File Closing Problem in 2.3 and 2.4, Not in 2.5
rweth at cisco.com
Sat Jan 6 21:44:06 CET 2007
Martin v. Löwis wrote:
> Carroll, Barry schrieb:
>> What I want to know is:
>> * has anyone else encountered a problem like this, * how was the
>> problem corrected, * can the fix be retro-fitted to 2.5 and 2.4?
> From your description, I suspect an error in your code. Your description
> indicates that you don't expect to have more than five files open
> simultaneously. Yet, the error message "Too many open files" occurs when
> you open many more files (in the order of hundreds of files).
> It is very unlikely that there is a bug in Python where it would fail to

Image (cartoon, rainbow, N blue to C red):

> close a file when .close() is explicitly invoked on it (as your
> description suggests that you do), so if you get that error message, it
> can only mean that you fail to close some files.
> Notice that you may have other files open, as well, and that those also
> count towards the limit.
> As a debugging utility, you can use Sysinternal's process explorer.
> Make the program halt (not exit) when the exception occurs (e.g. by
> having it sleep(1) in a loop), then view all open handles in the
> process explorer (check the menu if it doesn't display them initially).
I agree with Martin .. this code to close is solid.
Make certain you are really closing the files when you think you should.
I am pretty sure you are not. Look at the code that closes the files
closely. Put a print statement in the block that is supposed to close
the files (may bee even a raw_input("closing file" + afile) statement).
My guess is that you won't see the print statements trigger when you
though they should .. they may be out of "the loop" you thought that
they were in.
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